ZA Ford Fairlane (1967-68)

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Vehicle Overview

The ZA Fairlane is a luxury four-door sedan and was the first of the Ford Fairlane models produced specifically for the Australian market. The Ford Fairlane had been on sale in Australia since 1959 and all previous models were designed and produced in the United States simultaneously. Australian models were assembled in Ford’s Homebush plant in Sydney from parts imported from Canada.

The previous three models, the FB, FC and FD, had been intermediate sized vehicles, filling the gap in the Ford lineup between the smaller Falcon and larger Galaxie models. Ford Australia discontinued sale of the American designed Fairlane and designed, engineered and produced its own model that better fit the Australian market.

For the first time, Ford Australia started producing the Fairlane bodywork locally at its Campbellfield and Eagle Farm facilities rather than importing from overseas. This freed up the Homebush plant for the production of the Galaxie model which had been assembled in Australia since 1964 and sold only in limited numbers. Earlier Galaxie models had been available but were imported pre-assembled and then converted to right-hand drive.

The ZA Fairlane is a uniquely Australian design made up of the rear end of the US Fairlane and front end of the XR Falcon. In fact, the ZA looks almost identical to the Falcon from the front except for the Fairlane’s unique grill, badging and twin headlights. The ZA has a wheelbase that is roughly 5 inches longer than that of the Falcon at 116 inches and a wide 58-inch track.

The ZA’s rear end is from the 1966 US Fairlane model. It has larger rear quarter panels than the Falcon and a chunky, squared off boot. Comparatively, the 1967 US Fairlane model has stacked twin headlights and square fender tops, and is much more reminiscent of the Galaxie model of the same year.

The release of the ZA saw two variants of Fairlane available for the first time, namely a standard Fairlane model, known as the Custom, and the more luxurious Fairlane 500. Previous models had only offered the more premium Fairlane 500 variant. The major difference between the two variants were the engines. The standard Fairlane was fitted with a 200 cu (3.3 L) six-cylinder unit, whereas the Fairlane 500 came with a 289 cu (4.74 L) Windsor V8.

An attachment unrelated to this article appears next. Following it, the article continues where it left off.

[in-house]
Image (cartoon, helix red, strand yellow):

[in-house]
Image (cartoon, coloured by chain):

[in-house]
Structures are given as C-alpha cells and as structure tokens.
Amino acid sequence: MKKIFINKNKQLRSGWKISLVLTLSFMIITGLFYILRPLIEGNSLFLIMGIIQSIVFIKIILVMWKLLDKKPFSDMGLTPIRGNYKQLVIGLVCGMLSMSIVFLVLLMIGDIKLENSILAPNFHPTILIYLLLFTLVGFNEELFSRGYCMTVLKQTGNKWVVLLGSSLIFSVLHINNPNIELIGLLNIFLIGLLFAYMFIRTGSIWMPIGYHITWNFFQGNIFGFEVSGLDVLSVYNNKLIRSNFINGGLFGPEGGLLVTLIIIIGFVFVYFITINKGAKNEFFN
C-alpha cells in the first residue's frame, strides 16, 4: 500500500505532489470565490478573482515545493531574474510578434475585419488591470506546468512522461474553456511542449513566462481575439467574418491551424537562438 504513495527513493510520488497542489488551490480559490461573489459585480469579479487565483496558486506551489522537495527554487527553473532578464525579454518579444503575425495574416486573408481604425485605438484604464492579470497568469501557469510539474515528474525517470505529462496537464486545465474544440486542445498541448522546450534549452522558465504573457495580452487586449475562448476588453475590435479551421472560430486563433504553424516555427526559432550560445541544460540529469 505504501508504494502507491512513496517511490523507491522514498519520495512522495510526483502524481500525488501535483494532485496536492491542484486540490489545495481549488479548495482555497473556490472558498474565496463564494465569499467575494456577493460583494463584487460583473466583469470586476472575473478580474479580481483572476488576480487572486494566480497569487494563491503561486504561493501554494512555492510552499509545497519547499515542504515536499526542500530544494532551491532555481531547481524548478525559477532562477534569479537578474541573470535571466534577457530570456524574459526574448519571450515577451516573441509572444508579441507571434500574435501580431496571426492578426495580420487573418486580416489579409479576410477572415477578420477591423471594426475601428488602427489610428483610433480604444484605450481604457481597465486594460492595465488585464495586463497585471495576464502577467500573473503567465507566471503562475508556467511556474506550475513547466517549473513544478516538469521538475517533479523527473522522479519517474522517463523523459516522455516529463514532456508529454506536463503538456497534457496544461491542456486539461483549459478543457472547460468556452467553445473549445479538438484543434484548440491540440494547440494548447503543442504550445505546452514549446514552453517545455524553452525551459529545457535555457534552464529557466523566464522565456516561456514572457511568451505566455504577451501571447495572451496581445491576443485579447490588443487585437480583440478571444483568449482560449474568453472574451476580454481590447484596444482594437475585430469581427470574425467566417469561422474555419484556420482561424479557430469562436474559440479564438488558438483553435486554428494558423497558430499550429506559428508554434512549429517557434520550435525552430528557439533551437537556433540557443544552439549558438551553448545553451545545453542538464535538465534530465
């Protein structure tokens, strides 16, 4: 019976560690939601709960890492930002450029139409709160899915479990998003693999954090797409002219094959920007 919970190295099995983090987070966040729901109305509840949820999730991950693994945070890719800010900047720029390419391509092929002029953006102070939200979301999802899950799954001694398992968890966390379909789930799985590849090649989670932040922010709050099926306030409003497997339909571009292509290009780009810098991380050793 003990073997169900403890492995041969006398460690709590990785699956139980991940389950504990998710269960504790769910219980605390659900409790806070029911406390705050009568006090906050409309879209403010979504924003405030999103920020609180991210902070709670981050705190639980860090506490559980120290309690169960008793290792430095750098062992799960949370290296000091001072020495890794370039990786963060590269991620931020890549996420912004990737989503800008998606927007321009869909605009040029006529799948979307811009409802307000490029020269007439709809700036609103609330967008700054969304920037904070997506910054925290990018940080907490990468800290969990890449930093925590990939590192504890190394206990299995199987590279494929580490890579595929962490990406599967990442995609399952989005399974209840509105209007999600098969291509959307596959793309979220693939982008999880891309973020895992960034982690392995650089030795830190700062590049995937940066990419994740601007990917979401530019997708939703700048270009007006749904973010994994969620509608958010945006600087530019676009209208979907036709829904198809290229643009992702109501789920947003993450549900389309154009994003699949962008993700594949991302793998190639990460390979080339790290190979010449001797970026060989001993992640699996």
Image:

The ‘289’ Windsor V8 could be optioned on the standard model Fairlane. In 1967, it was marketed as the ‘Mustang V8’ and the first models of Ford’s legendary Mustang were produced in the same year featuring these engines. The standard Fairlane came with 3-speed manual transmission as standard and the option of Ford’s Cruise-O-Matic automatic transmission. The Fairlane 500 model was fitted with the 3-speed automatic transmission as standard.

The Fairlane 500 has some minor cosmetic differences from the standard Fairlane, including the thick chrome strip that ran the length of the vehicle’s sides below the doors, as well as a vinyl roof option. The 500 came with power-assisted disc brakes up front and power steering which were not included with the basic model.

The ZA Fairlane had colour matched interior trim and vinyl upholstery with perforated fabric to allow the material to breathe on hot summer days. The interiors were accented with walnut veneer and spacious enough to seat six people comfortably. The Fairlane 500 model featured individually adjustable seats, fold-down front armrest, extensive sound deadening and wall-to-wall carpeting throughout the passenger compartment, as well as reading lights, indirect floor lamps and even an electric clock.

Standard equipment in both Fairlane models included dual horns, 2-speed heater demister, alternator rather than the old style generator, windscreen washers and reversing lights.

From March 1967, Ford Australia built 8,814 units of the ZA Fairlane, before it was replaced with the ZB Fairlane in March 1968.